Indigenous Astronomy Lecture
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|Date:||Friday 1 June 2018|
|Venue:||AMDC 301 Lecture Theatre Hawthorn Campus|
The rapidly growing world of Indigenous astronomy presented by Dr Duane Hamacher and Krystal De Napoli
The subject of Indigenous astronomy has skyrocketed in recent years all around the globe. A constant stream of emerging research is changing what we think we know about Aboriginal knowledge systems in Australia and the number of Aboriginal students studying astrophysics is rapidly growing. This lecture will introduce you to one of these students, Kamilaroi woman and astrophysics student Krystal De Napoli, and the research she and Dr Duane Hamacher are conducting with other Aboriginal researchers on topics ranging from Moon haloes, Sun Dogs, and supernovae to the antiquity of deep time oral traditions based on astronomical and geological evidence - even the official naming of Aboriginal stars by the IAU. This talk will explore the many ways in which Indigenous Australians encoded scientific information in their knowledge systems and some of the ways in which they pass this knowledge to successive generations.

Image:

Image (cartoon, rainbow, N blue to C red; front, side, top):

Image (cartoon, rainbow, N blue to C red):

Dr Duane Hamacher is an astronomer and Senior Research Fellow in the Monash Indigenous Studies Centre and an Adjunct Fellow in astrophysics at the University of Southern Queensland. He works closely with Indigenous elders and communities across Australia, Southeast Asia, the South Pacific, and Central America to learn about their astronomical knowledge and traditions.
Krystal De Napoli is a Kamilaroi woman undertaking an undergraduate degree in astrophysics at Monash University. In 2018 she will be commencing a cadetship with the CSIRO's Data61 team, and is working closely with Dr Duane Hamacher and Indigenous Elders in their research into Indigenous astronomical traditions.
This Lecture is being co-organised by the Moondani Toombadool Centre and the Centre for Astrophysics and Supercomputing supporting National Reconciliation Week 2018.